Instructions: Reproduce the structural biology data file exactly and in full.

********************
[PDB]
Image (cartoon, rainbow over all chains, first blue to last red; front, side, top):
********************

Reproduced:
[PDB]
Image (cartoon, rainbow over all chains, first blue to last red; front, side, top):